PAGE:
Tuesday, May 3, 2011

Happy Birthday, Andy Adams...!

I don't know if you have ever heard of this guy, or read his work, but he is pretty cool!

One of the most interesting things is that much of his work is used as a historical reference! How cool is that?

May 3, 1859:
Cowboy author Andy Adams is born

Andy Adams, one of the most accurate chroniclers of the authentic "Old West," is born in Columbia City, Indiana.

While still in his teens, Adams ran away from home. He eventually made his way to Texas, where he found work as a cowboy. From 1882 to 1893, Adams witnessed firsthand the golden era of the Texas cattle industry, a time when the cowboys ran cattle on vast open ranges still relatively unrestricted by barbed wire fences. In 1883, he made the first of many cattle drives along the famous cattle trails running north from Texas to the cow towns of Kansas. As farmers began to challenge the ranchers for control of the land, Adams witnessed the gradual fencing-in of the cattle country that would eventually end the short age of the open range. He made his last cattle drive in 1889.

In 1893, Adams left Texas for Colorado, attracted by rumors of gold at Cripple Creek. Like most would-be miners, he failed to make a fortune in the business. He eventually settled in Colorado Springs, where he remained for most of his life. While doing on a variety of jobs, Adams began to write stories based on his experiences as a Texas cowboy. In 1903, he found a publisher for his novel The Log of a Cowboy, a thinly disguised autobiography of his life on the plains. A fascinated public welcomed tales from the former cowboy, and Adams wrote and published four similar volumes in less than four years.

Adams distinguished himself from the majority of other western authors of the day with his meticulous accuracy and fidelity to the truth. As its name implied, The Log of a Cowboy was a day-by-day account of a cattle drive Adams had made from Texas to Montana. The book had little plot beyond the progress of the cattle herd toward Montana, and had none of the romantic excitement offered by less literal chroniclers of the West. Adams' self-avowed goal was to make his fiction indistinguishable from fact, and as one commentator has noted, "in this he succeeds only too well."

While a reader searching for a good story might find Adams' books somewhat dull today, historians and writers looking for an accurate depiction of the cowboy life have found them invaluable. Beyond his five best-known books, Adams also wrote two popular novels for juveniles later in his career. When he died in Colorado Springs in 1935, he left a number of unpublished manuscripts of novels, stories, and plays that historians of the Old West have also found useful.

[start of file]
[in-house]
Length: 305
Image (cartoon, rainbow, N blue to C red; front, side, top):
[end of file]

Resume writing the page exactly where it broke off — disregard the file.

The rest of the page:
Isn't it nice to find out about guys like this? Shows that there are a lot of interesting folks in our past that we might find interesting. Not only that, we might even learn something...if we take the time to really pay attention, ya know?

Coffee on the patio this morning! Never did rain yesterday, but what did we expect, ya know?


JoJo said...

I am going to look for his books thanks for the post on him today.
Sorry you didn't get the rain. We are a little warmer this morning and by tomorrow we should be in the 40s at night and 70s durning the day,
I will join you on the patio for some coffee.

Momlady said...

You always have such interesting posts!

HermitJim said...

Hey JoJo...
Sounds like Spring is trying to come to the mountains! Hope it does warm up enough for you to get out for a bit!

Sounds like some pretty good weather, actually!

Hey Thanks, sweetie, for dropping in today!

Hey Momlady...
I really appreciate the fact that you find these little tid-bits interesting.

So many folks that had great stories behind them in the past!

Thanks so much for coming by today!

Bob from Athens said...

Interesting how some of todays readers find his stories about real life in the old west too dull to read. Guess even in books you still have to have high speed chases and at least once every five pages or so blow something up.

HermitJim said...

Hey Bob...
Reckon that most history affects some people that way! Rather here a fairy tale than the truth!

Sorta like modern day politics, I guess!

I thank you for the visit this morning!

Marjie said...

I love a good historic fiction.

Pat said...

Your post on Andy Adams was quite interesting. I am researching Adams, as he was born just a few miles down the road from us, and I'm a research volunteer and program presenter for our Whitley County Historical Society, Columbia City, IN...Nice to find stories that are really real...and the author is a nice guy...have a good day, Pat